BLUE MOON MARQUEE, Bare Knuckles & Brawn (Factor/Creative BC): ***½

A crisp showcase of the Canadian gypsy blues duo’s stylish meld of pre-WWII blues, New Orleans ragtime, big band jazz and Western swing. Guitarist A.W. Cardinal growls like Tom Waits and quotes Howlin’ Wolf during slinky opener “Big Black Mamba,” about the “dirty mis-treater from the stars of Texaco” —oil — while bassist Jasmine Colette gives a sultry spin to the Billie Holiday-inspired “52nd St. Strut.” Drummer Jimmy “Hollywood” Badger, trumpeter Jack Garton and organist Darcy Phillips drape standout “Hard Times Hit Parade” in atmospheric allure.

THE ALLMAN BETTS BAND, Down to the River (BMG): ***

Devon Allman, Duane Betts and Berry Oakley Jr. proudly recall their fathers’ blues-soul-rock style, if not the Allman Brothers Band’s exploratory verve. Rocker “All Night” and an emotive cover of Tom Petty’s “Southern Accents” claim their generation and roots-spanning heritage. Compositionally it’s more reassuring than challenging; fans may hunger for more of Johnny Stachela’s slide or the double-guitar spark of “Shinin’,” or jams like the “Melissa”-evoking one stretching Charles Williams’ “Autumn Breeze” well past eight minutes. Allman’s throaty baritone contrasts strikingly with Betts’ reedier vocals and they play with familiar warmth, like a band with nothing to prove.

THE OCEAN BLUE, Kings and Queens/Knaves and Thieves (Korda): ****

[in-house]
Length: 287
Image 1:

Cue up these Pennsylvania veterans if you’re jonesing for a smart dream-pop fix. “All the Way Blue” and the thrumming “Paraguay My Love” sound as hopeful as “Sublime” from 1992’s “Beneath the Rhythm and Sound” or 1996’s transporting “See.” A hooky guitar riff and pulsing synth buoy the dark title track (“I feel like the world could end/ In a flash/ No more to depend on the things I thought were to last”), while frontman David Schelzel’s rueful wit surfaces during “Therein Lies the Problem With My Life.” RIYL the Smiths, War on Drugs.

CHARLIE CHAPLIN, Film Music Anthology (PIAS): ^^^^

Sixty-seven tracks of music from silent film icon Charlie Chaplin’s decades-spanning oeuvre. A handful feature vocals, including still-timely speeches from 1940’s anti-fascist “Great Dictator” and 1947’s “Monsieur Verdoux.” But the music’s winsome escapism charms unadorned; listen to the romantic clarinet and violin solos composed by Chaplin for 1931’s “City Lights”; the horn- and string-stoked exuberance of “Jazz” from 1919’s “A Day’s Pleasure”; the pop-parodying “Mandolin Serenade” from 1957’s “A King in New York”; and the dramatic orchestration of “Smile” from 1936’s “Modern Times.” It sparkles most when, like Chaplin’s expressive Tramp, it’s free from words.